Turkish Government Ban Syriac in Tur Abdin, Turkey
ISTANBUL, Turkey, November 24 (Compass) - Mardin governor bans teaching of Syriac language in monasteries' boarding facilities. Turkish authorities issued a surprise order in October demanding that the ancient Syrian Christian monasteries in Southeast Turkey stop teaching the Syriac language and housing guests in church facilities.
In an official memo dated October 6, Mardin Governor Fikret Guven declared that both monastery classes in Syriac as well as housing for schoolboys and visitors on church-owned property violated Turkish law and should be stopped. Some dozen monks and a handful of nuns remain at the 4th century Syrian Orthodox monasteries of Deyrulzafaran and Mor Gabriel in the Tur Abdin region of Mardin.
Addressed to the chairman of the church's Deyrulzafaran Foundation in Mardin province, the memo was copied to the civil administrators of each provincial district and the gendarme command headquarters of Mardin as well.
The governor cited Article 24 of the Turkish Constitution, the 1936 charter of the Syrian Church Foundation and various educational provisions in the country's laws to justify his order.
According to Guven, the quoted statutes forbid the church to teach its language apart from the direct control of Turkey's Education Ministry. The governor specified that the religious instruction currently being conducted by the church "certainly violates [these] provisions."
"The governor is ignoring the fact that this is how for 1,700 years these monasteries have kept the Syriac language alive," one Syrian Christian told Compass. "This is not anything new, that we are conducting religious education in our language." Syrian Christians pride themselves in keeping alive their particular dialect of Syriac, said to be the closest language to the first-century Aramaic spoken by Jesus Christ.
"We are not Muslims," commented a church member in Istanbul, who had as a boy attended the religious education classes taught at Tur Abdin's historic Mor Gabriel Monastery. "How can we learn our own religion, our liturgy and culture, in some other language?"
Turkey's Syrian Christians were not listed as a distinct minority under the Lausanne Treaty of 1923, when official minority status was given to Turkey's Greek, Armenian and Jewish citizens. For this reason, the Turkish government has never permitted the Syrian Orthodox to operate their own schools, as do the other three religious minorities.
In 1978, under the government of prime minister Bulent Ecevit, Turkey banned the teaching of Syriac and training of Syrian Orthodox priests at Deyrulzafaran Monastery, claiming that the students being trained there were "participating in illegal terrorist organizations for separatism."
However, in a subsequent court case opened by the state against the Turkish Bible Society, Syrian Christians won the legal right in 1985 to publish the Bible, prayer books and even Christmas cards in the Syriac language.
According to church representatives, the two dozen Christian village boys presently taking religious instruction at the Mor Gabriel Monastery are all enrolled in the public schools of Midyat. "In fact there are no schools open in their home villages," noted one Syrian Christian, referring to the ongoing Kurdish separatist conflict which has paralyzed the region for the past 13 years. "Isn't it better for these Christian village boys to get a religious education than to grow up illiterate?"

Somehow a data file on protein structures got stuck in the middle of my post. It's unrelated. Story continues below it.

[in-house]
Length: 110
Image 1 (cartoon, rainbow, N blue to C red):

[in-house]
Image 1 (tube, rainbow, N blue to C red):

The governor's memo was also emphatic in prohibiting the monasteries from housing visitors. "There can be no residences within places of worship," Guven wrote, "because places of worship are devoted only to religious rites and worship."
One Syrian Christian commented that the governor's prohibition of guests on church property contradicted "the rich cultural traditions" of both Muslims and Christians. Historically, he said, Middle Easterners have always honored guests as "a gift from God."
"If they are saying that we cannot have anyone staying in our monasteries," he asked, "then what are the monks and nuns living at Mor Gabriel supposed to do? What they are saying is that they want to close down the monasteries, if no one can stay there." In essence, he claimed, this made a bad joke out of Turkey's public claim that Syrian Christians were "an important part of the cultural mosaic of Anatolia."
Although representatives of the Syrian Orthodox Church in Turkey declined to comment on the governor's directive, an anonymous source confirmed that the church had sent an official written inquiry to the Turkish government. "We are ready to open a court case if necessary, so that we can establish our legal status," the source said. "This is not a political issue," he insisted. "It is precisely a religious issue."
Some 70,000-strong in the 1930s, the Syrian Christian minority has now dwindled to less than 2,000 in the Turkish Southeast.
Although the Syrian Christians initially left the Southeast for economic reasons, security became an overriding factor. During the past decade, the violent conflict between Kurdish separatists and the Turkish military has turned the region into a war zone.
Many Syrian Christians who have resettled in Europe, North America and Australia fault Muslim extremism as well. Unknown assailants have murdered at least 35 Syrian Christians in the Southeast since 1990. Entire Christian villages have since been abandoned, with family homes, livestock and lands sold hurriedly at a considerable loss.
The most recent victims were an elderly couple in their 70s, Iskender and Rihane Araq. They were killed September 24 in their home in Mzizah village near Midyat by suspected Hizbollah radicals.
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